The low last night was 40 de
grees, with a high yesterday of
72 degrees. The humidity was
about 60 per cent.
Sunday will be fair and cooler.
Precipation is expected Monday
night or Tuesday.
hearse a scene from "Thieves Holiday
31 at Memorial Hall.
In Regional Finals
PHILADKLI'HIA, Pa. North Carolina's unbeaten Tar Heels, paced ly a record
breaking 30 point performance by Lennie Rosenbluth, advanced to the finals of the Fast
ern Regional Basketball Tournament here last night with an 87-75 decision over the ag
gressive Can isi us Colden Griffins.
The bruising win moved the Tar Heels into the championship game of the Ka.stern
Regionals against Syracuse, winner of tonight's second game. The UNC-Syracuse (lame will
get underway at 0:30 tonight in Philadelphia's Palestra.
The victory was number 29 without a loss for the powerful Tar Heels. By winning,
they tied, the 29 game streak set by San Francisco last year in their inarch to the national
Canisius battled the Carolinians "nip and tuck for most of the first half before UNC
ace Rosenbluth broke the game wide open with an 11-point scoring splurge that put the
Tar Heels up, 39-25 at half time. Rosey had 23 points in the torrid first half.
In the second half, Canisius
Fifth Student Seminar
To Be Held In Summer
The International Student Rela -
lions Seminar will be held this
summer for the fifth time. The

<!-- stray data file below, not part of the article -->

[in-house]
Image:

seminar will be from June 30 to
August 29 and for the first seven
weekj will meet in Cambridge,
Mass., where the office of USNSA
International Commission is locat
ed. The purpose of the seminar is
designed to meet three major needs
'of the American student communi
ty. To develop leaders qualified to
direct the . international program
of USNSA on the campus and in!
the region, to represent American
students at the annual student ccn-
ference and to partcipate in travel- j is desirable as is specialized know
in? fratprna! rirlppatinns- i ledge of certain geographic areas.
To impart to a. representative'
group of students a thorough know
ledge and understanding of inter
naticnal student problems and of
contemporary social, political, and
cultural forces affecting students
in many other nations;
To equip participants to return
to their campuses and develop in
ternational programs which will
enable students at their schools to
participate more meaningfully in
the international program of US
NSA. There are 15 to 18 students se-
lected to attend the seminar and 1
each student receives a complete 1
. scholarship. The grant covers trans
potation to and from place of
residence, room and board plus
to be presented March 30 and
Photo by Norman Kantor
I o Play
By LARRY CHEEK
Special To The Daily Tar Heel
1 registration fees and a allowance of
' $8 for each weekend during the
seminar and all costs for two or
more weekend excursions.
Participants are chosen in a na -
tional competition on the basis of
ability and potential for leader-
ship, in international student af-!
fairs; have provert intellectual ab -
ijity, character qualification,-, ex-
perience in extra-curricular acti-1
- j vities, knowledge of international
affairs, adaptability in meeting new
situations, and a sincere interest
uif prooiems 01 siuaenis in oi.aer
Knowledge of a foreign language
Application forms are distri
buted to political science dept.
chairman, deans and student body
presidents. Student Body President
Bob Young stated that any person
interested in attending this sem
inar can get application forms in